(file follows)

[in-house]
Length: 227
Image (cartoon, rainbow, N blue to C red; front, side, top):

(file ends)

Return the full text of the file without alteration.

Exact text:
[in-house]
Length: 227
Image (cartoon, rainbow, N blue to C red; front, side, top):